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J Hypertens. 2000 Dec;18(12):1849-55.

The role of corticosterone in corticotrophin (ACTH)-induced hypertension in the rat.

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Department of Medicine, The St George Hospital, University of New South Wales, Kogarah, Australia.



Corticotrophin (ACTH)-induced hypertension in the rat is prevented by L- but not D-arginine. We examined the effects of exogenous corticosterone in the male Sprague Dawley (SD) rat to determine whether ACTH-induced hypertension is mediated by corticosterone.


Exogenous corticosterone (10, 20 or 40 mg/kg per day) or sham (polyethylene glycol (PEG) 1 ml/kg per day) was injected subcutaneously in divided doses (s/c b.d.) over 15 treatment days to 40 SD rats (n = 10 each group). Subsequently, the effects of L-arginine, D-arginine or L-arginine + N-nitro-L-arginine (NOLA) on corticosterone-induced hypertension (corticosterone 20 mg/kg per day) were examined. Systolic blood pressure (SBP) and metabolic parameters were measured every two days.


Twenty and 40 mg/kg per day of corticosterone increased SBP compared with sham (P< 0.01, P< 0.05 respectively, sham versus respective group). Forty mg/kg per day of corticosterone raised serum corticosterone concentration compared with sham (502 +/- 20 versus 364 +/- 25 ng/ml, P < 0.001). L-arginine prevented the rise in SBP produced by corticosterone (131 +/- 3 to 131 +/- 2 mmHg, control versus day 10) but D-arginine did not (129 +/- 3 to 142 +/- 4 mmHg on day 8, P < 0.01). NOLA blocked the effect of L-arginine and amplified the rise in blood pressure produced by corticosterone (130 +/- 3 to 171 +/- 6 mmHg on day 10, P < 0.001).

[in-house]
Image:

The haemodynamic features of ACTH-induced hypertension were reproduced by corticosterone excess, at concentrations of corticosterone similar to those in studies of exogenous ACTH administration. It is likely that ACTH-stimulated adrenal production of corticosterone accounts for the features of ACTH-induced hypertension in the rat

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